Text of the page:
clock menu more-arrow no yes mobile

Filed under:

ASU Football: Trading Green for Gold, Jacom Brimhall's journey

Jacom Brimhall knew he wanted to play football following his two-year Mormon mission but didn't know if anyone would give him a shot. Turns out, his biggest dream stemmed just miles from his doorstep.

Mark J. Rebilas-USA TODAY Sports

Faith, family, football.

A triumvirate instilled in the mind of a kid with an unyielding passion for the pigskin sport.

His passion was even more evident however, as he grew and especially when it was temporarily taken away.

So when Jacom Brimhall served his two-year Mormon mission right out of high school, it was a letter he wrote to himself that reignited his dream to one day play college football.

"When I served the mission you don't really have contact with your family except for emails one day a week," Brimhall said. "You don't get to watch TV, don't get to listen to music, so it was about six months in I wrote a letter to myself "Things I Miss Most" and No.1 was family and No.2 was football. Whenever I thought about it and got back and read that letter I was just like, ‘this is rough, man I missed it and I love it and it gets me excited again.'"

So when Brimhall, a 5-foot-8, 185-pound running back from Mountain View High School in Mesa, Ariz., finished serving his mission, he formulated a plan. He would sacrifice his dream of playing for Arizona State in an effort to play the sport he loved again and try his luck at Utah where he believed he would have a better shot of walking on the team.

Brimhall didn't know then that going to watch his former Mountain View teammate compete at Tontozona would be the factor that would ultimately lead to the greatest decision he ever made.

"I talked to Brandon (Matthews) in Tontozona, who I hadn't seen in two and a half years because he had served a mission previously too," Brimhall said. "And I came down and saw him and he said, ‘Man, you can do it, you gotta go talk to him (Graham)' and as soon as I stepped foot in the building I knew I had to come here. I knew this is where I'm meant to be, so I did everything I could after that to get here."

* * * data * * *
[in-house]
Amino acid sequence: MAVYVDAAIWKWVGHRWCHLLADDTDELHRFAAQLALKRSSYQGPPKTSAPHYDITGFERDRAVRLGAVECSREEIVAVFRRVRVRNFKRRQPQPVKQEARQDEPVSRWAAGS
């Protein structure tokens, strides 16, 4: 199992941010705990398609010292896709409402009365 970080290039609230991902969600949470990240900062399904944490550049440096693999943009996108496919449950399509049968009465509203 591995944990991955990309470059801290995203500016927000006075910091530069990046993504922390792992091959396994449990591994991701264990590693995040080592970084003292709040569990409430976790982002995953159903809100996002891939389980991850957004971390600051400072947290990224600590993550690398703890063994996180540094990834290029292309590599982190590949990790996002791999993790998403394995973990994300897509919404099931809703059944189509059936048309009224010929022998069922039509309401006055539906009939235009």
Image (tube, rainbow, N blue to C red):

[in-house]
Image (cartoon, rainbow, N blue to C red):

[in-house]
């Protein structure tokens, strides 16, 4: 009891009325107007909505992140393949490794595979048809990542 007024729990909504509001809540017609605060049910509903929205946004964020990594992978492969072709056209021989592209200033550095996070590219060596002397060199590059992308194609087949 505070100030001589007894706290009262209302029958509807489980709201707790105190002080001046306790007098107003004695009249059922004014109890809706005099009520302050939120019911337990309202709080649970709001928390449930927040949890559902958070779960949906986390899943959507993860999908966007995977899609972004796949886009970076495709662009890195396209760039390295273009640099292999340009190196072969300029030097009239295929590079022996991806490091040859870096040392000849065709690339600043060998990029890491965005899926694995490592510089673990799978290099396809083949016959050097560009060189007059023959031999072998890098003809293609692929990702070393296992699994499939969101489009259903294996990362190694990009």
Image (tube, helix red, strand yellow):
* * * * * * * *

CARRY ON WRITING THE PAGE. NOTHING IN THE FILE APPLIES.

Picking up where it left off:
Once Brimhall saw a sliver of an opening on a team with such a deep backfield, he took it. He walked on and worked hard. He bundled up the adversities he would face, his small stature, his competition, the rust from not playing for years, and slung them over his shoulder to use as weight that would make him stronger.

He knew his work ethic was something that could separate him from the bunch. In high school he racked up 3,119 yards and 35 touchdowns in his final two seasons, prompting an East Valley Offensive Player of the Year award his junior year.

He worked on his speed and thought of his height as an advantage that, combined with his speed, would make him hard to decipher in traffic. His teammates nicknamed him "The Muscle Hamster."

Coach Todd Graham saw a unique spirit in the young man from Mesa and frequently praised him after practice. Brimhall eventually saw playing time on special teams in 12 games for the 2014 season.

"If I were the low of the low walk on or if I was a scholarship player, my mindset never really changed," Brimhall said. "It's ‘I need to come out here and compete.' When I go out there and I line up with a guy like Mike Bercovici and I got a guy like D.J. Foster next to me, or any of the running backs, I know I better bring it."

It was this year however, namely last Friday, when Brimhall's determination amounted to something more than just a green walk-on jersey.

Graham announced the scholarship spot this season was awarded to long snapper Mitchell Fraboni. That was that. Brimhall knew Fraboni was a well-deserving recipient. He knew the numbers and knew there was only once spot to give this year. Or seemingly so.  Until Graham paused and then called Brimhall up.

"When Coach Graham pulled that joke on me I just couldn't contain my emotions," Brimhall said. "Thinking everything I had been through and my family and just what it means to me and my family this being my dream school and so I was balling like a baby."

Brimhall quickly spread the news to his parents who were overwhelmed with emotion. Brimhall's mother waited for him to come home at the front door that night. Both her and Brimhall's father had known the longing he felt to play the sport again. Not only to play it, but to do it well, a mantra he strives for in all aspects of life.

"My dream was to play college football ever since I was a kid," Brimhall said. "In high school I thought I was going to get the opportunity, but at the time I felt like it was expected of me to go on a mission and when I went out and started serving the mission I realized, there's things more important. So I knew I was going to try to play when I got back, but I didn't know if anyone was going to give me a shot.

"But now I got to come out here and play at my dream school.  There's absolutely no doubt in my mind that's the best decision I've ever made."

He goes into 2015 having completed his mission, having moved his parents to tears and having earned a scholarship spot on a Division 1 team for the largest university in the country.

Faith, family, football.